Being previously infected with coronaviruses that cause the 'common cold' may decrease the severity of COVID-19, according to researchers, including one of Indian origin, who said the finding could have significant implications on vaccine development.
The study, published in the Journal of Clinical Investigation, also demonstrates that the immunity built up from previous non-SARS-CoV-2 coronavirus infections does not prevent individuals from getting COVID-19.
The researchers at Boston Medical Center and Boston University School of Medicine in the United States noted that SARS-CoV-2 is a relatively new pathogen.
There are many other types of coronaviruses that are endemic in humans and can cause the "common cold" and pneumonia, they said.
These coronaviruses share some genetic sequences with SARS-CoV-2, and the immune responses from these coronaviruses can cross-react against SARS-CoV-2.
The study looked at electronic medical record data from individuals who had a respiratory panel test result between May 18, 2015 and March 11, 2020.
The CRP-PCR detects diverse respiratory pathogens including the endemic "common cold" coronaviruses.
They also examined data from individuals who were tested for SARS-CoV-2 between March 12, 2020 and June 12, 2020.
After adjusting for age, gender, body mass index, and diabetes mellitus diagnosis, COVID-19 hospitalised patients who had a previous positive CRP-PCR test result for a coronoavirus had significantly lower odds of being admitted to the intensive care unit.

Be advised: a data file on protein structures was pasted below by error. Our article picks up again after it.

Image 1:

They also had lower trending odds of requiring mechanical ventilation during COVID, the researchers said.
The probability of survival was also significantly higher in COVID-19 hospitalised patients with a previous positive test result for a common cold coronoavirus.
However, a previous positive test result for a coronavirus did not prevent someone from getting infected with SARS-CoV-2.
"Our results show that people with evidence of a previous infection from a "common cold" coronavirus have less severe COVID-19 symptoms," said Manish Sagar, an associate professor at Boston University School of Medicine and the study's co-corresponding author.
The researchers also found that immunity may prevent COVID-19 in ways that are different from preventing infection by SARS-CoV-2.
This is demonstrated by the fact that the patient groups had similar likelihoods of infection but differing likelihoods of ending up in the ICU or dying, they said.